Friday June 22nd 2018
Charges for collecting brown bins in Midlothian are to be introduced from March next year meaning residents will need to pay to have their brown bin emptied.
An annual permit will cost £35 per bin and there are no exemptions or concessions.
The brown bin will still be collected fortnightly and charging will begin when collection re-starts in March 2019.
The council said:
“The charge will cover the cost of collection and the treatment of garden waste. Like other local authorities, our funding from central Government has been cut, and we must make difficult decisions about what we can and cannot provide. The charge for garden waste collection will help reduce our £13.5 million funding gap. The other option was to stop brown bin collections altogether.
“A very small part of your Council Tax pays for emptying all bins and disposing of waste. Council Tax funds a wide range of services, and is not a direct charge for services or items. We are legally required to collect household waste free of charge, but this does not include garden waste.
“Residents can opt take their garden waste to a Recycling Centre free of charge or compost their garden waste at home.
From January 2019 residents will be able to apply and pay for a permit. Residents will then get a sticker for their bin which collection crews will check when they empty the bin. Bins without a permit sticker will not be emptied.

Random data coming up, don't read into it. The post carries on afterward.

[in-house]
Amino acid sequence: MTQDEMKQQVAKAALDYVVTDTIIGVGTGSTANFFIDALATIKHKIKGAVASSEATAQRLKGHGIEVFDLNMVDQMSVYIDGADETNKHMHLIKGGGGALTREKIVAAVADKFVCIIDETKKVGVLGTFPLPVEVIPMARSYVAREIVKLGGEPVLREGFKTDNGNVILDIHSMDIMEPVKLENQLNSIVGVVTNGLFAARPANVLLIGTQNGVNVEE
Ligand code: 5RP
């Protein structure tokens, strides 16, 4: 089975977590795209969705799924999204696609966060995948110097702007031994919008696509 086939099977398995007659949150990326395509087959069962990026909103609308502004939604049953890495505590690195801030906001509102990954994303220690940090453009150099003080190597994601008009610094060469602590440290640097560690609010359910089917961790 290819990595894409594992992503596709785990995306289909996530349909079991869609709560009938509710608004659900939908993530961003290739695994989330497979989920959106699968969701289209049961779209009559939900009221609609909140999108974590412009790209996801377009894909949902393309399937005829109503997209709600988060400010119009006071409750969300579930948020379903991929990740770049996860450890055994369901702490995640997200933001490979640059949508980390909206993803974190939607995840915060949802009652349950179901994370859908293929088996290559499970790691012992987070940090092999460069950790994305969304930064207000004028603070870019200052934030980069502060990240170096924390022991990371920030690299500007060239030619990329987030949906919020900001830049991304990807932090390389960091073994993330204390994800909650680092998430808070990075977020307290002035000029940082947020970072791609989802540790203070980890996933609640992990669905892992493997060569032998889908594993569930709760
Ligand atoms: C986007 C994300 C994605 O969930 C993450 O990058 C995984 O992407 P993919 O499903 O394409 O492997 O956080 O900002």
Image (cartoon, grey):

Edinburgh council have recently introduced a brown bin charge and they have opted to charge £25.
Former Midlothian SNP MP Owen Thompson said on Twitter:
“Come on @midgov time for a rethink on this! Massive backwards step and seriously short sighted. #NoBinCharge”
There are concerns that this charge will mean an increase in the instances of fly-tipping across Midlothian or residents will opt to put garden waste into their black bins which would mean the council incurs further landfill costs negating some of the savings they seek to make.
Council leader Derek Milligan told Midlothian View:
“Scottish government cuts to council budgets are forcing councils across Scotland to scrap or introduce charging for services such as garden waste.
“With Midlothian still expected to see further cuts of up to £38 million over the next 5 years the council simply doesn’t have adequate funding to provide services that the public want.”Tweet Share on Facebook